[ RadSafe ] FW: Jay Gould obit. in Long Island section of the NY Times, Jan. 1

Norm Cohen ncohen12 at comcast.net
Thu Jan 5 14:17:55 CST 2006



Coalition for Peace and Justice; UNPLUG Salem Campaign, 321 Barr Ave,
Linwood; NJ08221; 609-601-8583


From: NY Times, Jan. 1


Jay Gould
Scientist with a passion

Collecting baby teeth is usually something only a devoted parent would think
of doing, but scientific inquiry drove Jay M. Gould to do it.

When Dr. Gould, a statistician and epidemiologist, founded a group in 1985
that opposed nuclear research called the Radiation and Public Health
Project, he contended that low-level radiation from nuclear power plants was
causing increasing levels of cancer on Long Island, particularly around
Brookhaven National Laboratory. Dr. Gould, who lived in Manhattan, spent his
summers in East Hampton.

He had in mind to measure levels of radioactive strontium 90 in the body and
compare them with cancer rates. What better way, he reasoned, than to
analyze the baby teeth of children born near nuclear plants?

Results of Dr. Gould's Tooth Fairy Project, released in 2001, showed an
increase of 40 percent in levels of strontium 90 in the baby teeth of
children in Suffolk County at the same time childhood cancer rates rose by
nearly 50 percent. His findings, though thoroughly researched, nevertheless
enraged his adversaries, who argued that a large body of scientific data
contradicted his work.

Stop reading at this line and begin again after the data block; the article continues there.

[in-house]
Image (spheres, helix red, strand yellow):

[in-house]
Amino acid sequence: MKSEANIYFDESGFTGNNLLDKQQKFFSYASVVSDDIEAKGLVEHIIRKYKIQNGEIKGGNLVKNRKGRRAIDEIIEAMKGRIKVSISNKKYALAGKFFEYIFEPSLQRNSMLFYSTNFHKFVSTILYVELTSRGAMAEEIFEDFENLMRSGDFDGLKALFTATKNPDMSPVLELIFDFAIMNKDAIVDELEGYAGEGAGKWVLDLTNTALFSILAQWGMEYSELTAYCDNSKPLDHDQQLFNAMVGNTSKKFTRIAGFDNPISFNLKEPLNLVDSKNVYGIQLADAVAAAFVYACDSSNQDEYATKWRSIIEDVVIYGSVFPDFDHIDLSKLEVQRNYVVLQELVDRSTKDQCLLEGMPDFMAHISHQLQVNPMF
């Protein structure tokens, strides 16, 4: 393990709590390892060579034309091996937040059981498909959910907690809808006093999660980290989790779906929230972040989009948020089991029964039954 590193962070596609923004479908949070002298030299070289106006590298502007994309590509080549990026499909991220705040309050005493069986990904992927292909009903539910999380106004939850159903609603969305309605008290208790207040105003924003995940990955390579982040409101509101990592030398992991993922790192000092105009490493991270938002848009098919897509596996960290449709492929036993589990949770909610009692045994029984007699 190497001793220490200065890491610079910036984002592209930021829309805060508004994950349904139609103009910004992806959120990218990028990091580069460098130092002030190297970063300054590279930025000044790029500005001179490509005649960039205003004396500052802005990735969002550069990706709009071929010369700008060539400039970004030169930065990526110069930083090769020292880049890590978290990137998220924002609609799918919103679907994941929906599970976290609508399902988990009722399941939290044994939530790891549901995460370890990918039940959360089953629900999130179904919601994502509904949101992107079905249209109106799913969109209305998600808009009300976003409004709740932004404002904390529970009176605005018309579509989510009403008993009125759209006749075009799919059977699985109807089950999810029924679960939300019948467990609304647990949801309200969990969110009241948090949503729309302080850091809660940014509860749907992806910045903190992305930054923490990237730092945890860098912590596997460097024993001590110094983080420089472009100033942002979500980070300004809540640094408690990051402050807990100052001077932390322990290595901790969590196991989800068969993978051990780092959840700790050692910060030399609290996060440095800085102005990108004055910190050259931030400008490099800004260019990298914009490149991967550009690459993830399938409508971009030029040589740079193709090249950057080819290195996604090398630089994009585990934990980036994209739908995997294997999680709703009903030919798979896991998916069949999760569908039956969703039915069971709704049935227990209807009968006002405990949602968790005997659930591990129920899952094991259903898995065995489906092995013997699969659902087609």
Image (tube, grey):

Dr. Gould collected 4,500 baby teeth throughout the country for the project,
which made him a leading figure in the antinuclear movement.

Joe Mangano, who worked with Dr. Gould for 17 years and succeeded him as the
national coordinator of the project, called him "brilliant and visionary,
with the ability to bring together people with the best minds from many
walks of life and bring ideas to life."

Emily Gould, Dr. Gould's daughter, said his genius was to be able to
reinvent himself. "He was 70 when he first turned his attention to the issue
of low-level radiation, and that idea drove the last two decades of his
life," she said. 

Mr. Mangano called Dr. Gould "a sort of citizen-scientist" and said: "He
knew how to mix disciplines and how to affect policy to make things happen.
He worked furiously when he was excited about something."

Dr. Gould died Sept. 16; the cause was heart failure. He was 90. 

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